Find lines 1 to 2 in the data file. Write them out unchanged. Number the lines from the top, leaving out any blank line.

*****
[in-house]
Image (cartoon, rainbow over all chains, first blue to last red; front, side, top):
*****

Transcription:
[in-house]
Image (cartoon, rainbow over all chains, first blue to last red; front, side, top):